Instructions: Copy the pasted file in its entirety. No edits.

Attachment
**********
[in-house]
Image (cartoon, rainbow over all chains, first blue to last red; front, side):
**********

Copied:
[in-house]
Image (cartoon, rainbow over all chains, first blue to last red; front, side):